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Until proven guilty

office atrium

The room was uncannily hushed when we filed into the jury box. The thrill of serving on a high-profile case was tempered by being in a position of public scrutiny if we screwed up the verdict.

For the first two days, we heard testimony from specialists and hired experts. Without our binder of documents, it would have been impossible to understand all the legal jargon.

The defendant was finally scheduled to take the stand, and the gallery was filled to capacity by the morbidly curious. News pundits were predicting a brutal cross-examination from Assistant District Attorney Bonnie Post, a woman on a campaign against domestic violence, and for her boss’ high-backed leather chair.

Looking uncomfortable in his suit and tie, the defendant kept nervously tugging at his tight collar. When answering questions from his attorney, he leaned awkwardly toward the microphone at the witness stand, until the judge told him he didn’t need to move.

After an hour, Post stepped up. The hatred she felt toward him was palpable.

Do you feel like a man when you push her around?” She wasted no time in her attack. “Do you beat all your girlfriends?”

The judge fielded objections from his attorney on nearly every question the ADA posed.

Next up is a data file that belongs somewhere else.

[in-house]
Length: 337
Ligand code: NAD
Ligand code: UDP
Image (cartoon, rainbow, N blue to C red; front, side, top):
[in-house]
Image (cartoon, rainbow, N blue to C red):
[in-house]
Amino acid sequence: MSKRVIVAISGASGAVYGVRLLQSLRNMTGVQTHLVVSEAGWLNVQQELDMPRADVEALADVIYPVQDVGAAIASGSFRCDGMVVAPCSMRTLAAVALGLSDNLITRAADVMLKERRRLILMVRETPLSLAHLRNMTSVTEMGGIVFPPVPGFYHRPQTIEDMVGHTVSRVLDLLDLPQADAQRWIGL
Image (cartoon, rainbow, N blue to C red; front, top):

“Why did you try to kill the victim?”

“I didn’t try to kill her,” his voice rising. “After I made it rain at the restaurant, throwing all her whore money back in her face, she came at me.”

“She’s nearly half your size, you expect the court to believe you felt threatened?” Post added a condescending chuckle to punctuate her question.

“Her size didn’t matter,” bringing his volume back under control. “A knife can kill big people too. I pushed her to get away from that switchblade. It wasn’t the first time she tried to cut me.”

Unbuttoning his shirt, he revealed crisscrossed pink scars on his chest, evidence of prior attacks.

“Women aren’t the only victims of domestic violence.”

The Trifecta challenge this week is: Rain [transitive verb \rān\] 3: to take a lot of money in bill form and toss it up in the air.

For the Scriptic prompt exchange this week, Diane gave me this prompt: Do you feel like a man when you push her around?.

I gave Julia Mae this prompt: Interpret the quote however you want, and you don’t have to use the actual quote: “The present was an egg laid by the past that had the future inside its shell.”–Zora Neale Hurston

27 thoughts on “Until proven guilty Leave a comment

  1. Like everyone else I liked the twist. Abuse is unacceptable by either sex. Nice courtroom tension. Well done. I’ve been wanting to give Scriptic a try. I’ll visit the site, look around.

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  2. I like how you wrote against the stereotype. Even thought battered women get the attention, it does work both ways (I don’t understand why people can’t keep hands to themselves, but I won’t get into a rant about that :)) I like the twist that the accused appears to be the victim.

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